Recently, our group unveiled that ribosomal protein L11 (RPL11) can bind to the MBII domain of c-Myc and prevent the recruitment of the co-activator, TRRAP, to the target gene promoters of c-Myc, therefore hampering its transcriptional activity (37). Later, RPL11 was also found to control c-Myc mRNA turnover by recruiting miRISC/miR-24 complex to the 3′-UTR and thus leading to c-Myc mRNA degradation upon nucleolar stress (38). Furthermore, treatment of cells with the nucleolar stress-inducing chemicals, actinomycin D (Act D) or 5-fluorouracil (5-FU), drastically reduced c-Myc mRNA level in cells (38). The finding of the nucleolar stress-RPL11-c-Myc pathway prompted us to explore whether there are additional ribosomal proteins that are involved in the regulation of c-Myc.
RPS14, encoding the ribosomal protein S14 (RPS14), was identified as the human 5q-syndrome gene (39, 40). Our group has recently shown that RPS14 activates p53 upon nucleolar stress via binding to MDM2 and inhibiting its E3-ligase activity toward p53 (41). To explore the p53-independent tumor suppressive function of RPS14, we investigated whether RPS14 play a role in the c-Myc regulation. Indeed, we found that RPS14 could bind to the MBII and bHLH-LZ domains of c-Myc and inhibit its transcriptional activity by impeding the recruitment of c-Myc and its cofactor, TRRAP, to the promoter of its target gene, Nucleolin. Consistently, overexpression of RPS14 suppressed c-Myc-induced E2F2 and Nucleolin mRNA expression and cell proliferation. Conversely, ablation of RPS14 by siRNAs elevated both c-Myc and Nucleolin levels. Finally, we found that RPS14 could interact with Ago2 and triggered Ago2/miR-145 mediated c-Myc mRNA decay. Hence, our study as presented here demonstrates that RPS14 can also regulate c-Myc activity.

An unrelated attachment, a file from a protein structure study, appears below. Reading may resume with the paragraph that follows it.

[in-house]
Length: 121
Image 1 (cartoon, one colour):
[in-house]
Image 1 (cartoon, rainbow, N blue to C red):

Human H1299 and HCT116p53−/− cells were cultured in Dulbecco's modified Eagle's medium supplemented with 10% fetal bovine serum, 50 units/ml penicillin and 0.1 mg/ml streptomycin at 37 °C in a 5% CO2 humidified atmosphere. Flag-RPS14, Flag-RPL30, V5-c-Myc, and deletion mutants of V5-c-Myc-coding plasmids have been described previously (37, 41). The pEGFP-Max plasmid was generated by inserting the human Max full-length cDNAs amplified by RT-PCR from H1299 cells into the pEGFP-C1 vector. The primers used for PCR amplification were 5′-CCGGAATTCAATGAGCGATAACGATGACA-3′ and 5′- CGCGGATCCTTAGCTGGCCTCCATCCGG-3′. Anti-HA (12CA5) has been described previously (41). Anti-Flag (Sigma-Aldrich), anti-V5 (Invitrogen and Thermo Scientific), anti-RPS14 (H-130, Santa Cruz Biotechnology), anti-c-Myc (N262 and 9E10, Santa Cruz Biotechnology), anti-GFP (B2, Santa Cruz Biotechnology), anti-BrdU (IIB5, Santa Cruz Biotechnology), anti-Ago2 (Abcam) were commercially purchased.